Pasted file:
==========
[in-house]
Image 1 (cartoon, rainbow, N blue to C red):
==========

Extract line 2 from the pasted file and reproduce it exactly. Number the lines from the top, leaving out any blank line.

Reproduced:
Image 1 (cartoon, rainbow, N blue to C red):